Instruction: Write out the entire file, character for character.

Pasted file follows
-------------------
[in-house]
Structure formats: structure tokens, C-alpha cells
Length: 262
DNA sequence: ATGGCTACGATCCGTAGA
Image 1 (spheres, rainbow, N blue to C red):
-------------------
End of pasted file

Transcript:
[in-house]
Structure formats: structure tokens, C-alpha cells
Length: 262
DNA sequence: ATGGCTACGATCCGTAGA
Image 1 (spheres, rainbow, N blue to C red):